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Derek Chauvin’s Defense Lawyer Asked to Postpone Murder Trial Because George Floyd’s Family Reached Settlement with Minneapolis


Eric Nelson, attorney of Derek Chauvin.

The defense lawyer for murder defendant and fired Minneapolis police officer Derek Chauvin wants to postpone the trial after the family of victim George Floyd reached a highly publicized settlement with the city last week.

“I’m gravely concerned about the news that broke Friday,” attorney Eric Nelson told Judge Peter Cahill on Monday. He asked to postpone the trial, to re-question the seven people already seated as jurors, and for a change of venue.

“I wish city officials would stop talking about this case so much,” Cahill said. The judge announced plans to re-question the seven jurors.

Chauvin is scheduled to stand trial for second-degree murder, and other charges in connection to a fatal arrest on May 25, 2020. As seen on video, Chauvin, then a police officer, kneeled on Floyd’s neck while the man was face down on the street, hands cuffed behind his back. Fellow officers Thomas Lane and J. Alexander Kueng were on Floyd’s back and legs, while Tou Thao stood between them and angry bystanders, who called Chauvin out. Authorities put the Floyd’s limp, unresponsive body on a stretcher.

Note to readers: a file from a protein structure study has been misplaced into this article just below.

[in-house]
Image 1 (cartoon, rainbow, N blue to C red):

According to the criminal complaint, the medical examiner determined Floyd died from cardiopulmonary arrest while being restrained. He had arteriosclerotic and hypertensive heart disease, and there was fentanyl and the evidence of recent meth use in his system, the investigator said. The restraint, underlying health conditions, and drugs contributed to the death. This was treated as a homicide.

The Minneapolis City Council approved a $27 million settlement with Floyd’s family on Friday, ending a federal lawsuit.

“Our family is grateful for all those who care so deeply about George’s life and our loss, and this agreement is a necessary step for all of us to begin to get some closure,” said Rodney Floyd, George Floyd’s brother, in a statement provided to Law&Crime. “George’s legacy for those who loved him will always be his spirit of optimism that things can get better, and we hope this agreement does just that – that it makes things a little better in Minneapolis and holds up a light for communities around the country.”

The settlement already shaped jury selection early Monday. One woman said she could not be fair after learning about it.

Aaron Keller contributed to this report.

[Screengrab via Law&Crime Network]

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